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In One Ear and Out the Other: How to Improve Patient Recall

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Guest blog post by Robert H. Margolis Professor Emeritus, University of Minnesota Department of Otolaryngology, President, Audiology Incorporated

As health providers, one of our most important jobs is to relay complex information to our patients in understandable and approachable ways. Most of us who provide hearing evaluation services over a long period of time develop a counseling routine to communicate the results and recommendations to our patients.

The Problem With Patient Recall

Explaining findings to patients, however, does not necessInarily mean that they will retain them. Over time, I became increasingly suspicious that my patients’ knowledge and understanding of the information I presented to them had a short half-life – about the amount of time needed to get to the elevator. I discovered that I was not the first person to make this observation and that there was a significant amount of literature on patient recall with contributions from a variety of disciplines. This confirmed my suspicion, and I reviewed the subject for my profession in an article called, “In One Ear and Out the Other – What Patients Remember.” I thought it was a pretty clever title since patients seem to demonstrate consistently faulty memories when recalling results and recommendations from their health providers.

The Link to Patient Satisfaction & Compliance

It turns out that patients aren’t the only people with faulty memories. Health providers are also guilty of this tendency to let information go “in one ear and out the other.” We understand the importance of informational counseling, yet we continue to counsel patients in a way that is unlikely to stick with them. This is not a trivial matter. Studies have found that when patients comprehend information their health providers communicate, there are important increases in patient satisfaction, compliance with recommendations and outcomes, as well as decreases in anxiety, treatment time and cost. The takeaway is that we as health providers must provide information that is important to a patient’s health and well-being in a patient-friendly format. This can serve as a reference and permanent record that can be reviewed and discussed with family members after the visit.

Examples in Action

Here are a couple of experiences that illustrate the problem.

  1. In an informational counseling session with a patient with a longstanding hearing loss who had been tested several times before, I provided the information in a written, illustrated format that communicated the results and recommendations. The patient commented that no one had ever explained his hearing loss to him before. I know the audiologists who had seen him previously, and I know they do an excellent job of explaining results and recommendations. He forgot.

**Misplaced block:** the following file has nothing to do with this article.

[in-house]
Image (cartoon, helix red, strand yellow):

2. Recently, I referred a friend to a close colleague who is among the most competent audiologists I know. My friend also participated in a research project in my laboratory and I provided written materials explaining her hearing loss. When we were working out next to each other at the club she commented that no one had explained about missing high-frequency sounds like consonants. She forgot.

Communication Strategies for Better Patient Satisfaction & Recall

  • Give advice as concrete instructions. For example, “Use ear plugs when you use your power tools,” rather than, “Keep your noise exposure to a minimum.”
  • Use easy-to-understand language. People remember short words and sentences better, and technical jargon can obscure the message.
  • Emphasize the most important information. Stress the importance of information that you most want the patient to remember. Often this will be a recommendation, such as, “Make an appointment with the ear doctor.”
  • Don’t overload the patient with too much information. Present only the information that is important for the patient to remember. Proportion of retention decreases with the amount of information presented.
  • Use the method of explicit categorization. Tell the patient, “We are going to go over recommendations, then we will talk about your specific problem (diagnosis), then we will go over test results, then we will talk about how your condition may change (prognosis).” Ask the patient for questions before moving on to the next category.
  • Repeat the most important information. If there is any confusion, try to explain it in a different way until the patient understands.
  • Be sure you understand what the patient wants from the evaluation. Ask what his or her desires and beliefs are concerning the problem and address them specifically.
  • Supplement verbal information with written and visual materials that the patient can reference from home. This is the most important strategy of all. Without these materials, your patient will likely remember little from this informational counseling session. Providing the information in a permanent and visual format ensures better recall and better overall quality of care.

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